PowerPivot and PowerView Confusion in Office 2013

OK. I’ve got lots of reader feedback expressing confusion and dismay that they can’t seem to find PowerPivot or the new PowerView in Office 2103. These two components are typically referred to as BI functionality. It seems as though the BI functionality will not be included in all versions of Office 2103.


The handsome Jeff Weir points us to this article from Chris Webb’s BI Blog explaining the entire thing.

Here are some key points from Chris Webb:

“For regular, non-subscription, Office 2013 on the desktop you need Office Professional Plus to use the PowerPivot addin or to use Power View in Excel.”

“Professional Plus is only available via Open, Select or EA licensing. This means that no regular retail editions of Excel include PowerPivot or Power View, you can only get them through a Volume License Agreement or Office 365.”

“Office Professional Plus 2013 will be available via Office 365 on February 27th 2013. The cheapest subscription option that includes Excel on the desktop with PowerPivot and Power View is, as far as I can see, this one…”

“The Excel Data Model and IS available in ALL desktop editions of Excel.”


I’ll limit my comments on Microsoft’s Office 2013 licensing decisions to two words: Soup Sandwich.

11 thoughts on “PowerPivot and PowerView Confusion in Office 2013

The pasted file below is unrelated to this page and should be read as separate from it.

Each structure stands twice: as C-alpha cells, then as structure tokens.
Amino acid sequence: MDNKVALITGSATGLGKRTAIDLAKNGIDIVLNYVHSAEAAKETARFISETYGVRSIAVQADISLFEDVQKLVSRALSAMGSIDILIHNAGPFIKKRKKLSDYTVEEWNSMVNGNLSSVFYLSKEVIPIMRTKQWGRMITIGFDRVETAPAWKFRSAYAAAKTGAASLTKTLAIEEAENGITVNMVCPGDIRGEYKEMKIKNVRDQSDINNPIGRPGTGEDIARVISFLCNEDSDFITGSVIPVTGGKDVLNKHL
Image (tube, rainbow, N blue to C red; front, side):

1. datapig

    John: I agree.

    First, there is no way to buy a standalone version of Excel with PowerPivot (only volume license).
    Second, there is no way to buy and install a PowerPivot Addin.

    They’re going to kill Powerpivot with this nonsense.

    It’s like saying: “Hey wasn’t that free PowerPivot in Excel 2010 nice? Good times right? Well now you have to buy 5 Excel licenses to keep using it in Excel 2013”.

  2. jeff Weir

    There’s another good discussion about this on Rob Collie’s blog at http://www.powerpivotpro.com/2013/02/hey-who-moved-my-powerpivot-2013-cheese/?utm_source=rss&utm_medium=rss&utm_campaign=hey-who-moved-my-powerpivot-2013-cheese

    My two cents repeated on this is that there’s an up-side to this for a consultant that knows how to mash together disparate data sources from Excel using VBA/ADO/SQL so that they all appear in one pivot…which of course is ENTIRELY possible with Excel 2003 let alone 2013. So the upside is that Powerpivot didn’t just shoot a hole in my target consulting market.

  3. Steve Schultz

    JWalk: any plans to offer PUP for the subscription product? (Or is it already oout there? I have’t looked, to be honest.)

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